That evening she came in smiling. She advanced her hand, her fingers petalling around two eggs balanced on her palm. Look what Madame Fauchon’s given me. We’ll have Délicieuses for supper, and we’ll have pancakes as well. We’ll be eating better than the nuns do, that’s for sure.
She didn’t want me to complain about being at a Catholic school. She’d been glad when the nuns proposed I continue to stay on, in return for helping with the little ones, because she wanted us to blend in with the Catholics. Just in case of trouble. What trouble? Wait and see.
She beat the Jewish egg yolks into the Catholic flour and folded and beat them together. She flipped discs of brown lace into the air and they looked identical.
She piled the sugar-sprinkled pancakes on a plate. Your Papa used to love these. Don’t you remember? I shook my head. I hardly remembered him at all. A voice telling me stories at night. A blue trouser-leg. The scent of hot grass under a blue sky. Memory failed there.
Maman cleared the table, putting the cookery book back on the shelf: I really must mend it. On to the pancakes she poured a few drops of Liqueur 44: now that you’re a young lady, you can try spirits.
Silly name, I said: why is it called that? Maman said: it’s the recipe, everything comes in measures of forty-four.
Dark liquid, tasting both sweet and bitter. I swallowed my dessert as fast as I could: it’s like medicine!
To begin our supper we ate the Délicieuses: the two egg whites beaten stiff then gently folded with grated gruyère, taken up in spoonfuls, dropped into the pan of boiling oil and quickly deep-fried. To test the eggs’ freshness before she cooked them, Maman held the bowl of beaten whites upside down over her head. Nothing fell out. She always did this, to amuse me, and I always gasped and laughed. One of our kitchen games, which
Monsieur Jacquotet had blended in by retiring inside his hermitage-house. Going to and fro from school I would glance towards its façade. Closed shutters and closed door. He didn’t know I’d had my thirteenth birthday and that I was nearly grown-up. I couldn’t tell him. I wished I could.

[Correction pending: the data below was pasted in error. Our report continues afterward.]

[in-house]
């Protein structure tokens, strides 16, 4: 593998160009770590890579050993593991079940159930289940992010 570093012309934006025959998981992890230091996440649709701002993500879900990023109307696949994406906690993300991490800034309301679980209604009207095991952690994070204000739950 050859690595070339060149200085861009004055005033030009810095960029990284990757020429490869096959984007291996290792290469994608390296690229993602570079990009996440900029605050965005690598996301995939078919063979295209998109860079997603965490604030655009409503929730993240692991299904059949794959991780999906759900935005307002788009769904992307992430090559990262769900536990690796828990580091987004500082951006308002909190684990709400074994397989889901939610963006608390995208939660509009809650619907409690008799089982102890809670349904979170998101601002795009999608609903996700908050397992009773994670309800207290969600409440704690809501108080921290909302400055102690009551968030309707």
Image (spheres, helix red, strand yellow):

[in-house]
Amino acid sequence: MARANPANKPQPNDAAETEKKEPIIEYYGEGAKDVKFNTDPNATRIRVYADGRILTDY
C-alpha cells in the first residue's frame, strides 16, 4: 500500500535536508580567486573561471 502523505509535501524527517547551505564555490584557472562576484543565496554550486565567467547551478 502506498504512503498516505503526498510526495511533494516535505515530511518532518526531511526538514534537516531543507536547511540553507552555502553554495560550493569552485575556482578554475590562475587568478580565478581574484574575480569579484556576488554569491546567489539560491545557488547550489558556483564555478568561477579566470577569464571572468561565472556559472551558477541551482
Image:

When he and I met again, I didn’t know what to say. Girls of thirteen didn’t broach conversations with grown-ups they hardly knew. Not in Ste Marie-du-Ciel.
It happened by accident. I walked to school under a pale blue November sky spotted with grey clouds. In the afternoon rain spurted down, drumming on the high window sills. Cooped up in the airless sewing room with a child’s blouse spread over my knees, surrounding the raw edges of buttonholes with tiny blanket stitches, I wanted the walls to crack, let in rainy freshness. My needle, stabbing through cotton, pricked my forefinger. A bead of blood welled. I sucked it. The metallic taste pleased me, gave me an idea. I put up my hand, went to the podium, mumbled to Sister Dolorosa, who supervised the sewing hour, that I had cramps. She swung her head towards me, pushing back her black veil. Under the dark muslin her white bonnet smelled of starch. Inside her coif her cheeks looked soft as ripe cheese and smelled of carbolic soap. She whispered: are you expecting your visitor? I nodded yes. Sister Dolly said: have you got a towel with you? I shook my head. She sucked in her spit with a hiss: dirty girl. Get off home, then.
Sheets of rain fell past my face. I’d forgotten my beret: I put my arms up to shield my head, ran into the square. Wetness hammered my shoulders and nails of rain pierced me. My feet squelched inside my flimsy boots. Water drove down my neck, off my nose, off my eyelashes, soaked through the front of my coat. No separation between me and the weather: I’d dissolved into the rain, become sludge, like melted sugar at the bottom of a cup. Sludge that wanted to dance and go a bit crazy.
by Michèle Roberts have rating 4 out of 5 / Based on32 votes